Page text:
Until the mid-1800’s, Christmas trees were mostly decorated with homemade adornments or edibles like fruits and nuts. But the German entrepreneurs based in the glassblowing center of Lauscha had a better idea. They began producing decorative tree ornaments made out of blown glass. In the 1880s, F.W. Woolworth imported the first of these baubles into the U.S., triggering the American love affair with Christmas tree ornaments.
The first molded-glass Lauscha ornaments resembled fruits and nuts, presumably to replicate the tradition of putting the real things on trees. Glass pickles, of all things, were also produced. These were reportedly hung on trees in order to make a game of seeing which child could find it first—the reward was a year of good luck. Cookie shapes such as hearts and stars followed the food ornaments, while ornaments depicting children, saints, and animals appeared shortly after that.
Around the same time in northern Bohemia (now the Czech Republic), glassblowers were making what are now known as Gablonz ornaments out of silver-lined glass beads. Wire was used to string the beads together in a variety of shapes—from windmills and chandeliers to spiders and stars. Later, between the wars, transportation-themed ornaments appeared resembling boats, zeppelins, airplanes, and bicycles.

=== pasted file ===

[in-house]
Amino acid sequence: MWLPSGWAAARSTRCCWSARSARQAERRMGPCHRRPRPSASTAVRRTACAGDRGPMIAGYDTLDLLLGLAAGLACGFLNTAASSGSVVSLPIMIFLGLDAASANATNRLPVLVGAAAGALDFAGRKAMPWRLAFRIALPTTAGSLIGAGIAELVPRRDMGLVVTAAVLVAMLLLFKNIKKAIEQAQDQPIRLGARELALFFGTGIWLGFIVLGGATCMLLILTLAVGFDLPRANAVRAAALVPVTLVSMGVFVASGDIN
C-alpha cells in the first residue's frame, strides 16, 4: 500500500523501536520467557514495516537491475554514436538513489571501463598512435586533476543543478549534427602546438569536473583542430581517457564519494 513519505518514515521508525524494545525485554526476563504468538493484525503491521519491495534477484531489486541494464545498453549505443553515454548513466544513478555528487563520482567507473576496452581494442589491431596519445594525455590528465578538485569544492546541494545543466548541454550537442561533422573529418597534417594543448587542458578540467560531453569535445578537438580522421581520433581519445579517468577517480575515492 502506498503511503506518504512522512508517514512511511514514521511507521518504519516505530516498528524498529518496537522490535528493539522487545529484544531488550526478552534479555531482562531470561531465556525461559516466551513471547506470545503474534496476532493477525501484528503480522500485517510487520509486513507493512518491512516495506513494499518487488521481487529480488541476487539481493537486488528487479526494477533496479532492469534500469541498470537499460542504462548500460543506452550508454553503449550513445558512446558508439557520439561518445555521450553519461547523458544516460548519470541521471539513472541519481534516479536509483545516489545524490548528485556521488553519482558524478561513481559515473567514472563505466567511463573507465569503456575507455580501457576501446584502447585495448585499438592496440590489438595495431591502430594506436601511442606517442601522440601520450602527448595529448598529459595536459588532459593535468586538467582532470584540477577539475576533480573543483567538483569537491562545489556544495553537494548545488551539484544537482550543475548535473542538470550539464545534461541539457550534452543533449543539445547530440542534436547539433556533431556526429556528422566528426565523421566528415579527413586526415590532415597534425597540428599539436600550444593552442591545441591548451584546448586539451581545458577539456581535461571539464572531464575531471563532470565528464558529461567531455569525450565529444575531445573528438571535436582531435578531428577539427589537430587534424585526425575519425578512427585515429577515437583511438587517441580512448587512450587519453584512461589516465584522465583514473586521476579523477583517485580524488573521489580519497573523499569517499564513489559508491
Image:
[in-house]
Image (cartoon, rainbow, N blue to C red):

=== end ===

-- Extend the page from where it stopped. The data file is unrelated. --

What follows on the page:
Meanwhile, in Dresden, beginning in about 1880, some nine different companies were making embossed cardboard ornaments, which are highly collectible today. Some were printed on just one side (referred to as "flat" by collectors) while others were printed on both ("double"). The most elaborate of the Dresden ornaments were those built of two molded pieces that had been glued together. Colors ranged from silver and bronze (to replicate the look of metal) to naturalistic hues (as you might guess, lobster ornaments were painted red).
Early catalogs by Dresden manufacturers such as Edvard Witte show menageries of common barnyard creatures as well as more exotic beasts—lions, polar bears, birds of prey. Eagles and owls were especially popular, and if you are in possession of an ostrich pulling a cart, then you own a particularly rare Dresden ornament. Flowers, fruits, and vegetables were common, but angels and other ornaments with religious themes were less so, making them more collectible today.
A particularly interesting subset of Dresden ornaments are those made between the 1930s and 1960s, reflecting the Soviet influence on that part of Germany. Some of these so-called Russian Dresdens seem oblivious to the political winds that swirled around them—a clown head, a man walking a dog, Puss ’n’ Boots—but when the ornament consists of a silver star with a hammer and sickle in its center from 1935, or a cute little waving Cosmonaut from 1960, the intended message is obviously more overt.
The handmade German ornament trade foundered after World War I, so American manufacturers filled the void, mass-producing ornaments that were sent to other companies to be decora...